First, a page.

I’m British, which means I like talking about the weather. It’s not just that Brits have nothing better to talk about; it’s because British weather is really crazy. Our small island lays at the tri-juncture of three large weather systems: The Arctic weather from the north, the Siberian from the Southeast and the Jet Stream / Atlantic from the west. Western North Carolina is not meant to be like that. Yes, there are fluctuations in weather from year to year, but we seem to be living in the Age of Superlatives. Each new weather event is the hottest, wettest, stormiest, driest, coldest, since records began. Take May 2020 as a great example. The beginning of May was summer-hot, in the mid 80s. The middle of may was cold, frosty, plant killing, cold. Then we had 3 days of ‘normal’ and moved into a week of rain and storms.

This makes growing anything a serious challenge. We really need to be embracing systems and crops that are resilient.

One aspect of our experimental farm that I have not yet managed to implement, is moving to a soil regenerating, no-till system. The benefits to the soil microbiology, soil structure and water holding capacity are becoming more and more documented. We need a shift in the way we think about the function of soil, which has the power to sequester carbon and grow more nutrient dense food.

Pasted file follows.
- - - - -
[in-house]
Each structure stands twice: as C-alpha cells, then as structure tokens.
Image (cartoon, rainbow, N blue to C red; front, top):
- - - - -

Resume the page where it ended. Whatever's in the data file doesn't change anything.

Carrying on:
This week on the farm we sowed a strip of oil seed sunflowers and Aztec marigolds. They’ll provide a beautiful border and some pollinator habitat. They will feed the soil with living roots sharing exudates with the soil microbiology, and in time they will die and decompose and continue to feed the soil. I’m looking forward to sharing photos when they are in full blooms! In this manner, I plan to transition all of our growing spaces into cover crop rotations to build soil and benefit our environment.

With regards our main crops, we have mainly been biding out time and trying to keep the potted plants as happy as possible prior to their imminent freedom (i.e. when it dries out!). However, Thursday did give us a clear afternoon, so we whizzed out to the farm to plant turmeric (five varieties), African potato mint, and jicama.

African Potato Mint (Plectranthus rotundifolius)

African potato mint is an exciting root crop because the top mint-like growth forms a ground cover above ground and small potato-like tubers below ground. Our germplasm stock came from Mark Homesteader, our friend of the project in Florida, so it remains to be seen how well it will grow and produce in our region. Right now the plants look super healthy!

Jicama (Pachyrhizus erosus)

It may surprise you to know (as it did me) that you can grow jicama from seed as a temperate annual and get both a root crop and a seed crop for seed saving. That makes jicama a very viable crop for Western NC. This year we hope to assess yield potential and have devoted a half row to growing out this root crop!

Jicama grown from seed in WNC
Thanks for following along with our experimental farm work. We hope you survived the heavy rain and are able to grow some of your own food! Please consider supporting our work by becoming a Patron of the Utopian Seed Project.

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